The fat is no longer in the fire for the beloved A&S Pork Store in Park Slope, now that the venerable shop has announced it will move within the sausage-loving neighborhood rather than close.
A sign posted this week in the window of the Fifth Avenue store announced the move from near First Street to a larger storefront between Second and Third streets that currently houses a martial arts school.
“We are all very excited,” said a partner, Mel Diaz.
The store’s current location will close on Sept. 28 and reopen in late November in the new location. Diaz said he and his partners are still designing the space, but they plan to stock more Italian specialties, expand their meals-to-go options, and build a room dedicated solely to making sausage.
“We haven’t decided where everything will be located yet,” he said. “We just signed the lease last week,” Diaz said.
Concerns over the legendary store’s demise first circulated earlier this summer when the store’s owners and landlord squabbled over rent. An A&S owner, Salvatore Bonello, threatened to close forever because rents across the neighborhoods were so high and space was so tight.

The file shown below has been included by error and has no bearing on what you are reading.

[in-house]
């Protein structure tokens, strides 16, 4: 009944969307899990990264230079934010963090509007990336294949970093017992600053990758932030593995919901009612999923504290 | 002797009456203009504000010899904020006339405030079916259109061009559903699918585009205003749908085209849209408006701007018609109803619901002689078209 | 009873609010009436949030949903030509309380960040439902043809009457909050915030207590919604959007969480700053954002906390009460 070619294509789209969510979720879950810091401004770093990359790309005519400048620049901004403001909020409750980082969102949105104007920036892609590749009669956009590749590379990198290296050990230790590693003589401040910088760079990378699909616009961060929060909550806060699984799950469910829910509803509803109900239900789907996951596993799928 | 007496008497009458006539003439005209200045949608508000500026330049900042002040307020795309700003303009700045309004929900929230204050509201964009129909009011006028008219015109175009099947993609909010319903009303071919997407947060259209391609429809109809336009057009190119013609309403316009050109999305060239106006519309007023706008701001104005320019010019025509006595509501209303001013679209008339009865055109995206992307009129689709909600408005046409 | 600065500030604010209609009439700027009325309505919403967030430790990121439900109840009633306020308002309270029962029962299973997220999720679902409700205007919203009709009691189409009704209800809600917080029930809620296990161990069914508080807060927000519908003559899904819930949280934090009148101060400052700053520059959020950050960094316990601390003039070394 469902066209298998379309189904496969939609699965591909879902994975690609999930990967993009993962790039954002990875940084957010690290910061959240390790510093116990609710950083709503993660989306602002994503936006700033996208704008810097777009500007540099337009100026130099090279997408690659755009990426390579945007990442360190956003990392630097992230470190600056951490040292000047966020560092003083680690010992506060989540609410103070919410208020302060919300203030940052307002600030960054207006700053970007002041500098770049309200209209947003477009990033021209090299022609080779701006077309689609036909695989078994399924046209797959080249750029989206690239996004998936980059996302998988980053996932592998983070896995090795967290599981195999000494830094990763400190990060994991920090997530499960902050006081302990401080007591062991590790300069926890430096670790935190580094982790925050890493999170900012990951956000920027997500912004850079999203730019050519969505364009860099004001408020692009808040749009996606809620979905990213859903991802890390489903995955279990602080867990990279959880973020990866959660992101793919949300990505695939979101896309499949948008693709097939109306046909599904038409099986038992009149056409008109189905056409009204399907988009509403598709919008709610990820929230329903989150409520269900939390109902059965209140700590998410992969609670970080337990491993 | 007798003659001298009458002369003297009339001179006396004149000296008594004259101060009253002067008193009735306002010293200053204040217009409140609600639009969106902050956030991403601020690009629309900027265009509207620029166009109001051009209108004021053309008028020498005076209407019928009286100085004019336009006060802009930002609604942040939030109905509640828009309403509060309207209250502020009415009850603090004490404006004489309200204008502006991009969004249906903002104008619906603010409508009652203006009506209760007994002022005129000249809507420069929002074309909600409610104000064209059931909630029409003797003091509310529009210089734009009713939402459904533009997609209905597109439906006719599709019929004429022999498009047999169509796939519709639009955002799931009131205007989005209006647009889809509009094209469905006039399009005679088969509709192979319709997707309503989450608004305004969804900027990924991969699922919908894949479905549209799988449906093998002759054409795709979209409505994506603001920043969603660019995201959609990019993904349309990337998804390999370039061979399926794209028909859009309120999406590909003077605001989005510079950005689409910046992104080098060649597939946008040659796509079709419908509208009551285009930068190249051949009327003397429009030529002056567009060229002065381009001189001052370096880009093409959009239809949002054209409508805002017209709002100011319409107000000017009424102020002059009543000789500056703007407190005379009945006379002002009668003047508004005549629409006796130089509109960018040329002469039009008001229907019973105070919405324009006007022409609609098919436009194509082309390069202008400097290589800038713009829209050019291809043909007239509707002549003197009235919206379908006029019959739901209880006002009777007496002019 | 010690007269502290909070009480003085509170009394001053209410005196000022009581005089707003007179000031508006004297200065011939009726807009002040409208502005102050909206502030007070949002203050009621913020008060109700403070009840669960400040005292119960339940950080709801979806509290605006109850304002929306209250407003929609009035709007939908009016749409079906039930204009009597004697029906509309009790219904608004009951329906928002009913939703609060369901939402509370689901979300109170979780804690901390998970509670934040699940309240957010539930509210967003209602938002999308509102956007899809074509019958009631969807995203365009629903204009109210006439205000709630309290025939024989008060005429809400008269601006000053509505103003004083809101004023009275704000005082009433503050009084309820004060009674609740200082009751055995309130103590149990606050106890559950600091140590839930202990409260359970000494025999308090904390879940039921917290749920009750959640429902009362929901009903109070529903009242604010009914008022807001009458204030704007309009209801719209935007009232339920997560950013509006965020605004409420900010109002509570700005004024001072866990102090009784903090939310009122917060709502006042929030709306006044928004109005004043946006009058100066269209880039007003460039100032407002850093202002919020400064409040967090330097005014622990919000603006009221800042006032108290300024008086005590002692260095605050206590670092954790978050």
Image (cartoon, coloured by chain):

The store will be paying more than the current $5,000-per-month rent at the new location, but Diaz would not elaborate beyond saying the price is “expensive.”
The martial arts studio will, in turn, be moving to a much-needed larger space on Union Street and Third Avenue, said its owner, Tessa Gordon.
“We’re obviously happy about A&S not having to close,” Gordon said. “I love their stuffed peppers.”
Meat-lovers borough-wide were rejoicing, too.
“When I want a good sandwich, I come here, and I’m very picky about my sandwiches,” said real-estate broker Jesselle Eli, who lives in Bedford-Stuyvesant. “I would have helped them find a new place — I would do anything to keep this place open.”
And for Park Slopers, the news was that much more significant.
“All of these neighborhood places are going out of business,” said Jean LeBec, 60. “I appreciate all the new restaurants and boutiques, but it’s upsetting after a while. It changes the character of the neighborhood. I’m glad it didn’t happen [here].”
Anthony Scicchitano first opened the shop in 1948 and built the company into an empire with 26 franchises in Staten Island, Long Island, and New Jersey. When Scicchitano died in 2006, his daughters took over the building and leased the space to Bonnello, who had worked closely with the founder.
But that relationship became strained last year, leading to the rent dispute, the threat to close and the sandwich-saving move.
— with Michael Lipkin